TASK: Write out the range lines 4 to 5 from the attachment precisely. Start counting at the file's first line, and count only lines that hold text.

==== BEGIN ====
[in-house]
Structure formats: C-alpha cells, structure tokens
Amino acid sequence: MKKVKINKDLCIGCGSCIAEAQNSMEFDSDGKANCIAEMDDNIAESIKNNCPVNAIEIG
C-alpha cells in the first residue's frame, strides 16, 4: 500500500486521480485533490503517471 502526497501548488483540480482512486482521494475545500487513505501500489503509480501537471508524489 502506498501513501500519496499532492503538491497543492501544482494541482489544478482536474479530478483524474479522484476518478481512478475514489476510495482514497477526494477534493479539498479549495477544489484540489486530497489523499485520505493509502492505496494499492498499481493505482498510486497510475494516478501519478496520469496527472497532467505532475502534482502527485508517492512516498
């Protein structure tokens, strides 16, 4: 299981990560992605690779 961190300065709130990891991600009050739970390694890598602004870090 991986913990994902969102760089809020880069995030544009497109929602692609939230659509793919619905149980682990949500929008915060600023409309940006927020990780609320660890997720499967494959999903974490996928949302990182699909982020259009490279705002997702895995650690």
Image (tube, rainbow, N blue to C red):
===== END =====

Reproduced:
C-alpha cells in the first residue's frame, strides 16, 4: 500500500486521480485533490503517471 502526497501548488483540480482512486482521494475545500487513505501500489503509480501537471508524489 502506498501513501500519496499532492503538491497543492501544482494541482489544478482536474479530478483524474479522484476518478481512478475514489476510495482514497477526494477534493479539498479549495477544489484540489486530497489523499485520505493509502492505496494499492498499481493505482498510486497510475494516478501519478496520469496527472497532467505532475502534482502527485508517492512516498
């Protein structure tokens, strides 16, 4: 299981990560992605690779 961190300065709130990891991600009050739970390694890598602004870090 991986913990994902969102760089809020880069995030544009497109929602692609939230659509793919619905149980682990949500929008915060600023409309940006927020990780609320660890997720499967494959999903974490996928949302990182699909982020259009490279705002997702895995650690």